Genealogy Road Trip 2021 Vol 12
“Oh, the places you’ll go!” – Dr. Seuss
October 15th – Clarksdale MS
Neal -As Janice and I drove south from Shiloh on our way to Vicksburg I convinced her to take a small detour to Clarksdale. It’s sometimes referred to as the home of the Delta Blues. Many of you know that I am a huge fan of the “Blues.” So, coming here is a kind of pilgrimage for me.
In the 20th century Clarksdale played a central role in the Civil Rights movement. Dr. Martin Luther King Jr. visited there on May 29, 1958, for the first meeting of the Southern Christian Leadership Conference (SCLC). In 1960 a local pharmacist, Aaron Henry, was named president of the NAACP and organized a two-year boycott of Clarksdale businesses.
Located deep in cotton country for the past 200 years this once thriving town seems hollowed out and dirt poor at first glance. In the 19th and early 20th century this town supplied most of the labor on the surrounding Delta plantations, the majority African American. After 1940 cotton production became mechanized further pushing people north during the “Great Migration” from the south. It is now famous for the great music artist that grew up there and performed in its clubs. There are Mississippi Blues Trail Markers throughout the town commemorating the likes of Sam Cooke, Muddy Waters, Ike Turner and John Lee Hooker. Morgan Freeman currently owns one of the clubs in town, Ground Zero. It is also home to the Delta Blues Museum.
I had zero expectation of actually hearing any music. I was pleasantly surprised. I’ll let Janice pick up from here.
Janice- It was a beautiful early Saturday afternoon and we expected downtown to be bustling with commerce. What we met with were mostly empty streets. Many were boarded up businesses. It felt depressing and eerie. (See Clarksdale pics 1,2,3, 4). Looking for lunch, we met a small group of hanging-around guys who told us that there were blues bands playing at the New Roxy theater. (See New Roxy Marquee pic). On the way to the Roxy, we saw two other blues clubs. They looked bombed-out during the day but apparently came alive at night. (See blues club pic 1, 2)
The New Roxy had a small bar which extended into a huge room with no roof. At the far end was a stage. To sit we had a choice of plastic lawn chairs, wooden and metal kitchen chairs, folding chairs, and barstools. (See Roxy indoor pic). The 3 bathrooms were glorified outhouses. Anyone who knows me understands my special appreciation for flamingo decor (see Roxy BR pic 1,2).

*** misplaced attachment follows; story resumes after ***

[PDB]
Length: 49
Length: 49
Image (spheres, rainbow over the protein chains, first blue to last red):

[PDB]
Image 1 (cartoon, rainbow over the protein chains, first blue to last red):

On the way out of town we noted that Clarksdale is surrounded by blocks of “big box” chain stores. Clearly, their arrival was the death knell of small downtown family shops. We felt sad.
Neal -The two battles that most historians site as the biggest turning points in the Civil War are Gettysburg and Vicksburg. In the 1800s, control of the rivers, roads, and railroad tracks meant supplies for your troops and choking the enemy from theirs. It meant Victory for whoever controlled the River.
Vicksburg MS was the last Mississippi River town keeping the trade route to the west open for the Confederacy until General Ulysses S Grant laid siege to it in the spring of 1863. a combined army and navy, he surrounded the town by river and land from May to July. https://www.battlefields.org/learn/maps/vicksburg-may-19-1963 Vicksburg was the most heavily fortified city in the Confederacy with trenches, a ring of forts and 170 cannons. On May 22nd Grant decided to assault the city. It failed, producing 9,362 Union casualties. (See Confederate cannon pic with line of sight to bomb Union ships in the Mississippi)With provisions within the city low, Grant’s Army of the Tennessee settled in for a War of Time. After 9 months defending the city and deprivation, rebel troops and Vicksburg citizens had been reduced to eating their dogs and cats. On July 4th, 1863, one day after the union victory at the Battle of Gettysburg, the Confederates surrendered Vicksburg. The citizens of Vicksburg didn’t celebrate the 4th of July for another century.